The debate: Sticks and stones – is it just banter?
Ofsted have released a report asserting that name-calling is rife in many schools, but is often dismissed as just banter.
It found that pupils are using insults relating to sexuality, intelligence, race, appearance and family circumstances, with some children commenting that they thought such language was fine if used between friends.
Words such as “stupid”, “mong”, or “spaz” were used when pupils struggled with their work or in sport, while other youngsters told inspectors that terms such as “gay”, “slag” or “slut” could be used against classmates.
Derogatory language is common among children, but is using terms that have undoubtedly negative connotations detrimental to how children will view minority groups? Or are efforts to quell offensive language among school children both futile and a step too far?
FOR: Ben Cottam, Comedian performing with The Three Englishmen.
Another year, another ill-judged attempt to stamp out banter… Regardless of whether one could actually ever stop people from deploying unpleasant language against one another (and let’s be entirely honest, schools have hardly condoned such language in the past), this new Ofsted offensive against the offensive ignores, inevitability aside, some of the more positive aspects of banter.
I must be clear here: I’m not defending anyone using any misogynist, racist or sexist language but I am arguing that mild banter is entirely human and might even be termed, for all it is unfashionable, character-forming. Everyone is in essence the sum of their social experiences; people learn to behave through their misbehaviour – they aim not to repeat the mistakes and punishments of the past. I aim to be polite and decent in the way I conduct myself with others and this is largely a result of how guilty and unpleasant I have felt when I overstepped the mark. Similarly, I’ve often found the bullies of the past, far from descending further into sociopathic behaviour, to nowadays be pleasant people. Successful banter is the preserve of the everyday over the egregious, intelligent rather than invective.
Another hallmark of successful banter is its inventiveness. It seems somewhat churlish to rail against milder schoolyard insults when such language, not always in a more sophisticated or subtle form, is the lifeblood of our broadsheet and tabloid press, our pop music and panel shows. Who hasn’t been moved to tears (more commonly of laughter I must add) by a well-judged and witty insult? A Belgian friend once remarked that the thing that had struck her most on moving to Britain was the sheer amount of slang we use. I remarked that this was the sign of a healthy society and then went back to taking the piss out of her… In spite of this, or perhaps because of this, our friendship is as strong as ever.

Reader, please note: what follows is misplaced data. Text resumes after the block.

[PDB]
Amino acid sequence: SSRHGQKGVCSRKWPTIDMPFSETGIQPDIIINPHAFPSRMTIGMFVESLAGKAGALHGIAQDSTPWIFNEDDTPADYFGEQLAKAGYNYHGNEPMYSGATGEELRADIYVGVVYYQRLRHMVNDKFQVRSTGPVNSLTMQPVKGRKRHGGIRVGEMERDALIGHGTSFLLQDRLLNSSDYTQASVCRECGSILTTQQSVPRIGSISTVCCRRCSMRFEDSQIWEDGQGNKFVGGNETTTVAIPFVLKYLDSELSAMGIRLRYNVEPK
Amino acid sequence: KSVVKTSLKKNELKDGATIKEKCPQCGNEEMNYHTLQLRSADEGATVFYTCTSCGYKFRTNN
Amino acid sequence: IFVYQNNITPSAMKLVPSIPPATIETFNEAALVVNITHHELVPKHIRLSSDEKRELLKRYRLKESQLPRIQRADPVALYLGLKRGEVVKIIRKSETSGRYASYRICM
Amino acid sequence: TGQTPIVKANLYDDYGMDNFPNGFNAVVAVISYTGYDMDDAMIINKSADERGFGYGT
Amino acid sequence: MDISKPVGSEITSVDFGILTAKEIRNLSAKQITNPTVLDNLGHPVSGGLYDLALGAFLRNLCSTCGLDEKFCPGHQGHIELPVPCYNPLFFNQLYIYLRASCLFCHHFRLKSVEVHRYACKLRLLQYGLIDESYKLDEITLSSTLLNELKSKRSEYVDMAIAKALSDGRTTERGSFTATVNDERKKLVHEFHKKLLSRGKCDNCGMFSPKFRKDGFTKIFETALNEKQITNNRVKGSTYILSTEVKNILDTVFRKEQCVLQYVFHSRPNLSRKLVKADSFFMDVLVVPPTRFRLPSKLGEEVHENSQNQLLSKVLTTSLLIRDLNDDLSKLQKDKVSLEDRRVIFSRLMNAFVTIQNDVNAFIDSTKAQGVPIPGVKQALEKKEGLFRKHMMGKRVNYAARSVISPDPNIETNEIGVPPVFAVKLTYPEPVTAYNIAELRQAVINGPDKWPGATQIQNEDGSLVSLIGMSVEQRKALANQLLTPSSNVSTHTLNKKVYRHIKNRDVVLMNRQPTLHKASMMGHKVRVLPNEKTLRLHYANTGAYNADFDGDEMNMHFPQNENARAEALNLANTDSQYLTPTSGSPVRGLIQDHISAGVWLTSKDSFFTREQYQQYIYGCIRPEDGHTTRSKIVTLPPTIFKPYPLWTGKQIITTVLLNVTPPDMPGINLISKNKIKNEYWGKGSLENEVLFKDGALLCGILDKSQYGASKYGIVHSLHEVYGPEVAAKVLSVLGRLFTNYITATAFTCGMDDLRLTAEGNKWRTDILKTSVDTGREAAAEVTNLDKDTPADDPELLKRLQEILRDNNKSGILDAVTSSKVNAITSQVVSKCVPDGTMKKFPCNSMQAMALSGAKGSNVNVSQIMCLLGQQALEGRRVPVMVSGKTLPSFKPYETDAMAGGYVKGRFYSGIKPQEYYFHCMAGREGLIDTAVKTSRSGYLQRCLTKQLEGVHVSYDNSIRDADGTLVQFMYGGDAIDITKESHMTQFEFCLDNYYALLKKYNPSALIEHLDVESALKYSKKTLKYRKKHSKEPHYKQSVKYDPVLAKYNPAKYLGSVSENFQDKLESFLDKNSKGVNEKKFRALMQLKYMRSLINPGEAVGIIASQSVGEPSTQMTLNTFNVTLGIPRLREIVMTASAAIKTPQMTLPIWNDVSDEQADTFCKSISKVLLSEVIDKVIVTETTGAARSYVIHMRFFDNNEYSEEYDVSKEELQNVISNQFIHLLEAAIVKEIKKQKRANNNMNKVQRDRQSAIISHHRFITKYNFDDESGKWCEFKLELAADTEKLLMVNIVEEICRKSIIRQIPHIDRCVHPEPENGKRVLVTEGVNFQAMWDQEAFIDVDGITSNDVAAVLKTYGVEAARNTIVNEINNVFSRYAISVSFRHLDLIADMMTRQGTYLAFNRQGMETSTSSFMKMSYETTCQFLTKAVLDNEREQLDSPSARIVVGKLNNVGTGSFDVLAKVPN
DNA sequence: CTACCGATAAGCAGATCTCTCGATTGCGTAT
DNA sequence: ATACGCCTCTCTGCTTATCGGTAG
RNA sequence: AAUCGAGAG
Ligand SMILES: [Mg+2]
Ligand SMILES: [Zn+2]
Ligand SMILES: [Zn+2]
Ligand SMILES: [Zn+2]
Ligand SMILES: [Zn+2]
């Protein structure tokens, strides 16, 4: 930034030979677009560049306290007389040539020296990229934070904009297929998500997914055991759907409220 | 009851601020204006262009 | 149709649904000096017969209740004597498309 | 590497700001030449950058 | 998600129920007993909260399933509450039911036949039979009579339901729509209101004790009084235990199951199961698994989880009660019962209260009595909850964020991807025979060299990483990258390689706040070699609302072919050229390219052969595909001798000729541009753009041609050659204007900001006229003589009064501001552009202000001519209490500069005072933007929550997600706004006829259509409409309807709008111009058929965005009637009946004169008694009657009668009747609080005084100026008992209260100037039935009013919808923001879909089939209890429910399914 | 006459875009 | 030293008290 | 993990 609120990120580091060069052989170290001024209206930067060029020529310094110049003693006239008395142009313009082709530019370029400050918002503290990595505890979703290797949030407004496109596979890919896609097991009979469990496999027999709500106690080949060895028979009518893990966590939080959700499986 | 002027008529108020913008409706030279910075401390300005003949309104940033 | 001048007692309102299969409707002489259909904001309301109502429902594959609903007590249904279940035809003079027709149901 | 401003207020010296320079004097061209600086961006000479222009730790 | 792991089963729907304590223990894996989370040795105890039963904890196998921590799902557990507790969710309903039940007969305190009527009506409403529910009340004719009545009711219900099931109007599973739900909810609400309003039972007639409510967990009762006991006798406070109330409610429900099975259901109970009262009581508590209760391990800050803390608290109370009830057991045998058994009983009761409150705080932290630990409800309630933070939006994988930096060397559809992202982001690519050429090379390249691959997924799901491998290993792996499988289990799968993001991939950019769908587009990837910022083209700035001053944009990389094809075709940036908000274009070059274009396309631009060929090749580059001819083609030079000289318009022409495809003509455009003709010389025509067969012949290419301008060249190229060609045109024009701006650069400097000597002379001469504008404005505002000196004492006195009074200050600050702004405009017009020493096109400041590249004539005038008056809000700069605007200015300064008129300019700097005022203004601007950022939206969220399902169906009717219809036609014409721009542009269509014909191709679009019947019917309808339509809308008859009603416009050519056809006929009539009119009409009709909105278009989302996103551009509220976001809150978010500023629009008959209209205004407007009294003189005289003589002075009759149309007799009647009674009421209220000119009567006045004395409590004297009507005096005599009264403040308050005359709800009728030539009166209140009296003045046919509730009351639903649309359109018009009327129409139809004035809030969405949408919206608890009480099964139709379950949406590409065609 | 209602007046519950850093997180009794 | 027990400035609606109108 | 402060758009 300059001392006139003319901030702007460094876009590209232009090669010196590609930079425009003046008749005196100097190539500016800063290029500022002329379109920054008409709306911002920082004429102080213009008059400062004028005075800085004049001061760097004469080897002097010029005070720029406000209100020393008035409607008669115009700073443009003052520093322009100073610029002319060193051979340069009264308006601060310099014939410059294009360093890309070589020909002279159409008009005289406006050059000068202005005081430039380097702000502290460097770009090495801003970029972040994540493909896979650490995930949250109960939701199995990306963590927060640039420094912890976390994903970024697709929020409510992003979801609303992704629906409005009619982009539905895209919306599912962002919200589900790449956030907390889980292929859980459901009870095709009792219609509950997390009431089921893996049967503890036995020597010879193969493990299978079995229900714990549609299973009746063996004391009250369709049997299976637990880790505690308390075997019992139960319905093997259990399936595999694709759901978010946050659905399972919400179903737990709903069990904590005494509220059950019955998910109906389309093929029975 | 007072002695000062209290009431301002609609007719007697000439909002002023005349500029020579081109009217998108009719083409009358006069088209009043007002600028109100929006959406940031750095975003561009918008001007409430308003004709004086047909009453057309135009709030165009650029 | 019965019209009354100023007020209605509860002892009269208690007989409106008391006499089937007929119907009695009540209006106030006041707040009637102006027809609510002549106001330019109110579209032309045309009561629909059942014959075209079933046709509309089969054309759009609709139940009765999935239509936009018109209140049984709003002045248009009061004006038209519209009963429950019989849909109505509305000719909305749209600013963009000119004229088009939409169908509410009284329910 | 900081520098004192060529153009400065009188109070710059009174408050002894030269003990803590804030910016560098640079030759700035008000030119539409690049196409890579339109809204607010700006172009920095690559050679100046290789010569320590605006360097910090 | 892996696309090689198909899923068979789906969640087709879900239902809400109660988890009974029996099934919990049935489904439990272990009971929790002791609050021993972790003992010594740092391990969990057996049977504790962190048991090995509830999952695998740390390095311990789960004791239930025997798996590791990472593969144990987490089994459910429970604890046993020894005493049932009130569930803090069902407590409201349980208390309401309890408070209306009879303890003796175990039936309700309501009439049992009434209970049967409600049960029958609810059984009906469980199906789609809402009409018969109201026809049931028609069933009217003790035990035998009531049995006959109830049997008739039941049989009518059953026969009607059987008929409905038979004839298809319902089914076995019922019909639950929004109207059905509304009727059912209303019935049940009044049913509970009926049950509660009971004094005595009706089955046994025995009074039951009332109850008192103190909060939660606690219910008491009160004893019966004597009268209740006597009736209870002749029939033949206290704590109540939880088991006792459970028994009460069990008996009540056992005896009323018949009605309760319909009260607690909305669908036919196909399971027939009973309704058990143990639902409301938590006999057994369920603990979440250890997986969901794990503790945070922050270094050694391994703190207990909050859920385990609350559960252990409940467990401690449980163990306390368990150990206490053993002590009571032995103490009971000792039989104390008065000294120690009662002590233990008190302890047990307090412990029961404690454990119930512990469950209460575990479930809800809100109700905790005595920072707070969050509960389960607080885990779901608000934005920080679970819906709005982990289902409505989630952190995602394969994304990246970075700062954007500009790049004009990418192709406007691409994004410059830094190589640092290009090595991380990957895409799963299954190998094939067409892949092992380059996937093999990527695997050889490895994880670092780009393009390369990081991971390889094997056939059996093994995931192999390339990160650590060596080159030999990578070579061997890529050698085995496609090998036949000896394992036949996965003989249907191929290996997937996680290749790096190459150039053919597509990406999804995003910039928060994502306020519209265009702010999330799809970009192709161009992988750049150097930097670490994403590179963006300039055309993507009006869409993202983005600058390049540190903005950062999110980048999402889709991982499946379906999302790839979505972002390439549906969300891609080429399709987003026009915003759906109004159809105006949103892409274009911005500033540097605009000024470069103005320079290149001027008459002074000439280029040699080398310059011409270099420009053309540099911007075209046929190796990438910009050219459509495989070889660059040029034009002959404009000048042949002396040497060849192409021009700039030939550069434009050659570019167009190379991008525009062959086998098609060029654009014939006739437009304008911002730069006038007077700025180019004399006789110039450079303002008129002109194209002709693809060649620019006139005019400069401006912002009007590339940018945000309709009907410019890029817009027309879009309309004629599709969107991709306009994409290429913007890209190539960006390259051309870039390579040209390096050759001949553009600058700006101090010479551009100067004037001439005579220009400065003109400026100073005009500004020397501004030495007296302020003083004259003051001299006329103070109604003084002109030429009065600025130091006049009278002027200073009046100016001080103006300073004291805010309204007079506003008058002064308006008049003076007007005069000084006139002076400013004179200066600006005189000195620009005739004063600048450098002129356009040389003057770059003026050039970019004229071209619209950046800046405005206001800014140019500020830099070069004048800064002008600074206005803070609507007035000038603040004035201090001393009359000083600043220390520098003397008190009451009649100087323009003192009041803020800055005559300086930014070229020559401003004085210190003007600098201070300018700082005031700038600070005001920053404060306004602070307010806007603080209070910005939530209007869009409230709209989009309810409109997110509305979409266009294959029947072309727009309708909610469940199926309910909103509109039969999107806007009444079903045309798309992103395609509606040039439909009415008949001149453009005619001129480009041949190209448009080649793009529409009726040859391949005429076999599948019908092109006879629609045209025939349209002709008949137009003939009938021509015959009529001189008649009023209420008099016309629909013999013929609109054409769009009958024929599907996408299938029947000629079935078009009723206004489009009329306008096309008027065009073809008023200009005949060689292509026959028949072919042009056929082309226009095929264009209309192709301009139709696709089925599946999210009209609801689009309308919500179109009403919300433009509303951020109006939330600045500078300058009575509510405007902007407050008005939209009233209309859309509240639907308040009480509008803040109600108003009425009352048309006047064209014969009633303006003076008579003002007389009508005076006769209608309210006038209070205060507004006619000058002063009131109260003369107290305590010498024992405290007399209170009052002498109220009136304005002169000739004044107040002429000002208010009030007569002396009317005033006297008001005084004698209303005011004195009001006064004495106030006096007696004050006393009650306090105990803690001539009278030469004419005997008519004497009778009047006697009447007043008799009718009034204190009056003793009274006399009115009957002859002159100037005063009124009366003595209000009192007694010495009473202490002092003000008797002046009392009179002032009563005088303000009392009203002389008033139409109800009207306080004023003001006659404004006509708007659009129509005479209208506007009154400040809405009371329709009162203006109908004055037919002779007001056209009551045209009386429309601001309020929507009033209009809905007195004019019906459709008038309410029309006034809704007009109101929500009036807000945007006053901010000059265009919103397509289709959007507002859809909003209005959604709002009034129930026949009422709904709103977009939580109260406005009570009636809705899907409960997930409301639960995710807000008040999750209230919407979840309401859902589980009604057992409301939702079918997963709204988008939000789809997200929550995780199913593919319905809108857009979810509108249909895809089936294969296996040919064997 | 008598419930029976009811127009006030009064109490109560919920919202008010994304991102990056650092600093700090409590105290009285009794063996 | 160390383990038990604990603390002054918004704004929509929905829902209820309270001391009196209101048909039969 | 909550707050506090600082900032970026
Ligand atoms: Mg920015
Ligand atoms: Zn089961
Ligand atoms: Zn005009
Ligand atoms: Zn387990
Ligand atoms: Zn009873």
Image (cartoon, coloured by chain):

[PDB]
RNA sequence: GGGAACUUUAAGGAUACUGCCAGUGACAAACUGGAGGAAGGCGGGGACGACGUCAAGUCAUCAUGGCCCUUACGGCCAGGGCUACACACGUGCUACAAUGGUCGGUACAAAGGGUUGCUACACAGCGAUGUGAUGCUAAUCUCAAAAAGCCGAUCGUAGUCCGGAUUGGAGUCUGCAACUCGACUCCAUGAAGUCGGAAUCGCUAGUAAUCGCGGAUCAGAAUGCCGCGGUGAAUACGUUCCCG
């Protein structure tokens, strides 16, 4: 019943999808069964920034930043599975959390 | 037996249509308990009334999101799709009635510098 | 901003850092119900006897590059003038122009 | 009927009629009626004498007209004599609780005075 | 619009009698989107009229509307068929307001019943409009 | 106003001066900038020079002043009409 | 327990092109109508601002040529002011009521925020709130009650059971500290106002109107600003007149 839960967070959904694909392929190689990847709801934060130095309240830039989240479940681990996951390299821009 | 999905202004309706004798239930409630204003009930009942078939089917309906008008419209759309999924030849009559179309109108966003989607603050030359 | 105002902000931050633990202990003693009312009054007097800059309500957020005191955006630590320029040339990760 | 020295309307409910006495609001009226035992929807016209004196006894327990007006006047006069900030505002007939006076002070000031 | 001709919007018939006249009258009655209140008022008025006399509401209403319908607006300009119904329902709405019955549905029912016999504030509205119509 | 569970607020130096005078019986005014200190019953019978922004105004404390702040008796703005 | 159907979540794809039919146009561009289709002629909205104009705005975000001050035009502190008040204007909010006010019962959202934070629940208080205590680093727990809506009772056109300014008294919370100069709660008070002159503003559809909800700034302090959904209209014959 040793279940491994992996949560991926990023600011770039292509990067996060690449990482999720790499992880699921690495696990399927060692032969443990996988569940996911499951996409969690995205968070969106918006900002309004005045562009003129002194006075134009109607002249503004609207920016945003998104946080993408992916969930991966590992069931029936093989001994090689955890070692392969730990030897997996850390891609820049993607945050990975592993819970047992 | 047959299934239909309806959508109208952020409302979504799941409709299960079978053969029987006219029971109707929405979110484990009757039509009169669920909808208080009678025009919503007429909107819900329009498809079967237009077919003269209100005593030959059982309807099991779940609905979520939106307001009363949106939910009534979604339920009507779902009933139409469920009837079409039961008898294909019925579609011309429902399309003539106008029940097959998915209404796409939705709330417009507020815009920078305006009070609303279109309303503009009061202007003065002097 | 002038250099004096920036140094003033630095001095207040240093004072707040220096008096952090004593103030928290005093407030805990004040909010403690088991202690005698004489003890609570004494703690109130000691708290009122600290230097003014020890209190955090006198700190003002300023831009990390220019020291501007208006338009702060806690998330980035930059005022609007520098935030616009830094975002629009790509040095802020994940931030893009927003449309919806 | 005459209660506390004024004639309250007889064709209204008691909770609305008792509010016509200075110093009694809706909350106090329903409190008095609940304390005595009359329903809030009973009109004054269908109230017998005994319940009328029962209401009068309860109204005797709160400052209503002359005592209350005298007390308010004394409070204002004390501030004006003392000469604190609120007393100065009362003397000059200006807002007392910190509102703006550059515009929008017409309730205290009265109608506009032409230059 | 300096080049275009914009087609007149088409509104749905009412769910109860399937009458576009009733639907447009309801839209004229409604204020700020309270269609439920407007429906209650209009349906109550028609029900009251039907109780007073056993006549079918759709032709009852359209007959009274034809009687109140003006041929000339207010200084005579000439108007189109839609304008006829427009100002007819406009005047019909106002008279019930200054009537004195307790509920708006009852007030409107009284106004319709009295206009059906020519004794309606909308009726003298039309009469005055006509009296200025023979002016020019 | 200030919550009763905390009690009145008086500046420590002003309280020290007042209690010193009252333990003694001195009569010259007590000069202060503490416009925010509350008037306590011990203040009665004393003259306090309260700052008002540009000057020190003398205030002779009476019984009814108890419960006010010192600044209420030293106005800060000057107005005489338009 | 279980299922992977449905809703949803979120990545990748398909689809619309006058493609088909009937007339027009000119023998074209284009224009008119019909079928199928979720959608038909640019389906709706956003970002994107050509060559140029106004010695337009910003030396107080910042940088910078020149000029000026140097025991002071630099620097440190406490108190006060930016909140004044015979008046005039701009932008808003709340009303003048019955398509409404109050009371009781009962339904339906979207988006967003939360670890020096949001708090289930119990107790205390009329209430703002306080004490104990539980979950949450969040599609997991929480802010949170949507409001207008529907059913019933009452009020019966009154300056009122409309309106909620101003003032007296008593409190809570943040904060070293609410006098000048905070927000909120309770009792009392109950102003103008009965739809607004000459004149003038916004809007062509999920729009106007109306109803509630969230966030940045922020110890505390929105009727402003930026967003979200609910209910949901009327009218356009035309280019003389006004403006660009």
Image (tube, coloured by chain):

AGAINST: Korrin smith, Head of English at Prendergast-Ladywell Fields College, Lewisham
It’s easy to disregard the hefty 70 page document from Ofsted telling us “name-calling is rife” in schools. What’s new? It always has been and, some may argue, it always will be. As a teacher, I could easily be offended and complain that we are not responsible for all social ills. However, I hope that the recent report is a recognition of schools’ power to reform society and our dedication to see children behaving better than adults.
Society has brought this young generation up on an unhealthy diet of Big Brother, The Weakest Link, The Biggest Loser. We’ve clogged their arteries with the idea of evictions and public humiliations. Can we blame them for having a lack of empathy for others? They’ve watched and learned and the verdict is in; it’s fun to judge people and call them names.
Yes, children can be cruel. But so can adults. And until this changes, all the work we are doing in schools is being undermined. Children see adults behaving cruelly and inappropriately all the time, and it goes unchallenged. How long did it take for the first jokes to be texted after the plane hit the twin towers? How long did it take UEFA to respond to the extreme racist behaviour we witnessed this summer at Euro 2012?
Students’ obsession with the word ‘gay’ should be challenged creatively and lead to a scheme of work on the politics and evolution of language, enabling students to understand that this word is offensive when used as an insult. The word might seem harmless to most students, but for the minority of gay students in schools, hearing this word used as an insult, even if it’s not directed at them, is brutal, especially when an adult doesn’t challenge it. When students call each other ‘fobs’ (fresh off the boats) and refer to any foreign students as ‘illegals’, we should use it as a chance to discuss the history of immigration and how most of the school, including the teachers, have families that trace back to other countries, not disregard it as harmless banter.
It’s not just the victims of name calling we should be concerned for, but also those students who perpetually feel the need to label others. Or maybe they can’t articulate how they feel, exposing the need to teach students about mindfulness and their emotions, as well as improving their communication skills. Such negative comments are opportunities for teachers and can be harnessed in the classroom.
Schools can’t save the world, but the curriculum could have impressive power . It could force young people to explore their actions in a way that adults refuse to. The curriculum needs to address wider issues and allow teachers flexibility to deal with situations as and when they rise.
Which do you agree with? Leave your comments below.Tagged in: banter, bullying, debate, education, gay, mong, name-calling, Ofsted, school, spaz, youth
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